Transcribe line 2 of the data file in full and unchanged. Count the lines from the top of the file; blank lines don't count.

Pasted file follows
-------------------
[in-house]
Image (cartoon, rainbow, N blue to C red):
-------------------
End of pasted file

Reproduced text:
Image (cartoon, rainbow, N blue to C red):